Freedom of Information (Designation as Public Authority and Amendment) Order 2018 - Motion to Approve

– in the House of Lords at 11:38 am on 6th November 2018.

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Moved by Baroness Manzoor:

That the draft Order laid before the House on 12 July be approved. Special attention drawn to the instrument by the Joint Committee on Statutory Instruments, 33rd Report.

Photo of Baroness Manzoor Baroness Manzoor Conservative

My Lords, the purpose of this draft order is to bring the public functions of the National Police Chiefs’ Council within the scope of the Freedom of Information Act. This is to make sure that there is continuity in the scope of the Act by extending it to the NPCC, in the same way as was done for its predecessor, the Association of Chief Police Officers.

Section 5(1)(a) of the Freedom of Information Act enables the Secretary of State to designate any person as a public authority if they appear to the Secretary of State to exercise functions of a public nature. Where a body is designated as a public authority under this limb, it is also necessary under Section 7(5) of the order to specify each of the body’s functions that appear to the Secretary of State to be of a public nature. Only those functions specified in the schedule to the order will be subject to the Act. As with ACPO, it appears to the Secretary of State that the NPCC exercises functions of a public nature in relation to all of its functions. The NPCC provides national police co-ordination and leadership by bringing together police forces across the UK as well as in the Armed Forces and the Crown dependencies. Some of the NPCC’s co-ordination and leadership functions are delivered in conjunction with the College of Policing, the professional body that provides the policing skills and knowledge necessary to prevent crime and protect the public. The functions set out in the order reflect those set out in clause 7 of the collaboration agreement that established the NPCC.

In addition to designating the NPCC, this instrument removes the designation of ACPO; this is a question of legislative tidying up. ACPO has been liquidated and no longer exists and the amendment updates the statute book to reflect that. The liquidators of ACPO were consulted as required and are content. As mentioned, there has been a statutory consultation with the NPCC to make sure that all the necessary functions were covered by this order as appropriate. The NPCC has made sure that there has been no retraction of transparency in the transition period when it took over the functions of ACPO. It publishes large amounts of information proactively and has responded to information requests on a voluntary basis in the short period when it was not formally covered by the Freedom of Information Act. This is highly commendable.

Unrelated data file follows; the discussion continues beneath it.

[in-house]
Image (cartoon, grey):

The order will enable the provision of a legally enforceable right to request information under the Freedom of Information Act. I commend it to the House and I beg to move.

Photo of Lord Paddick Lord Paddick Liberal Democrat Lords Spokesperson (Home Affairs)

My Lords, I am grateful to the Minister for outlining the details of this order. I have a few questions to put to her. According to the Explanatory Memorandum accompanying the order, the National Police Chiefs’ Council started its operations on 1 April 2015, presumably when it took over responsibility from the Association of Chief Police Officers. The noble Baroness said that ACPO is no longer in existence and that it had been liquidated, but the Explanatory Memorandum states that ACPO “is in liquidation”. Is there a difference between the two? I am not legally qualified to know whether there is.

My concern is that if ACPO was still operating up until 31 March 2015, only three and a half years ago, limitations on civil proceedings which could in theory be taken against the association can normally be brought for up to seven years. I wonder whether removing ACPO from its freedom of information obligations is premature. The order also refers to the collaboration between the National Police Chiefs’ Council and the College of Policing in connection with the implementation of standards and policies that are set by the College of Policing, the development in collaboration with the college of joint national approaches to criminal justice, value for money, service transformation, information management, performance management and technology, along with the development of joint national approaches to staff and human resource issues, including misconduct and discipline. Can the noble Baroness tell us whether the College of Policing is a designated public authority for the purposes of the Freedom of Information Act and if not, why not?

Photo of Lord Rosser Lord Rosser Shadow Spokesperson (Home Affairs), Shadow Spokesperson (Transport)

I too thank the noble Baroness for explaining the content and purpose of the draft statutory instrument. It is straightforward in its objective of designating the National Police Chiefs’ Council as a public authority for the purposes of the Freedom of Information Act 2000. I have a few questions but if necessary, I am happy to accept a written response; we do support the draft order.